***Please note that research access to The Gay MacDougall Papers collection will not be possible until April 2014 or soon thereafter.

The Center for Human Rights Documentation & Research supports the community of teachers, students, researchers, and law and social justice advocates working in the multidisciplinary sphere of human rights.

For more about the Center:: http://library.columbia.edu/indiv/humanrights.html

For more information about the African studies collections at Columbia: http://library.columbia.edu/indiv/global/africa.html

New e-resources on Africa at Columbia

Two new exciting resources on Africa are available to researchers at Columbia.

Faculty and students at Columbia can now access "Confidential Print: Africa, 1834-1966,"  published by Adam Matthew.  This digital collection features selected documents from the British Foreign and Colonial Office records held at the National Archives in Kew.  "Spanning the full era of the modern European colonization of Africa, from the occupation of Algeria by France, through increasing British presence on the west African coast and around the Cape of Good Hope in the south, the Berlin Conference which set off the 'Scramble for Africa', the high-water mark of economic exploitation of Africans in the Congo Free State, rivalries amongst European powers and the era of withdrawal that followed the Second World War."  Look for it in CLIO, under recommended databases on the home page for African Studies, or search for it on LibraryWeb under "Databases".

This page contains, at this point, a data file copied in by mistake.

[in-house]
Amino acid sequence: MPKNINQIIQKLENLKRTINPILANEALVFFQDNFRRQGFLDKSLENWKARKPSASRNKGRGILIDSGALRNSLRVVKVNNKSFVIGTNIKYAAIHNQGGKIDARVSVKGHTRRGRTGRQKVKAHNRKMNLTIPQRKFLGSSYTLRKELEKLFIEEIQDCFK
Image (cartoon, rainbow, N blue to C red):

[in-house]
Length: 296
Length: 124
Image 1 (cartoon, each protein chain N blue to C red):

A new Internet resources guide on "Energy in Africa" has been published at Columbia. The guide features annotated links to information and research on energy, fossil fuels, power, and sustainable renewables. The list is organized into the following categories: e-news and e-journals, African Ministries of Energy, US government, international organizations, and research institutes.

Columbia University Libraries' research collections on Africa south of the Sahara contain over 126,000 book titles & over 1,700 current serials in history, political science, law, sociology, anthropology, economics, geography, geoscience, literature, ethnomusiciology, and the visual arts. For more details, see: "Basic Guide to African Studies Research at Columbia".   Visit the African Studies Reading Room in 607 Butler Library, a non-circulating collection on African history and the humanities.  See also, Columbia's African Studies Internet Resources — Virtual Library.